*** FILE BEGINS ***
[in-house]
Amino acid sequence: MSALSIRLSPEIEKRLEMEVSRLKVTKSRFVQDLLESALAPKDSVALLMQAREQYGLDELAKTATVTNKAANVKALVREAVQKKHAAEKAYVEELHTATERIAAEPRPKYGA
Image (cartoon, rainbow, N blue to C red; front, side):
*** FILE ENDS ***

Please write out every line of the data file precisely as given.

[in-house]
Amino acid sequence: MSALSIRLSPEIEKRLEMEVSRLKVTKSRFVQDLLESALAPKDSVALLMQAREQYGLDELAKTATVTNKAANVKALVREAVQKKHAAEKAYVEELHTATERIAAEPRPKYGA
Image (cartoon, rainbow, N blue to C red; front, side):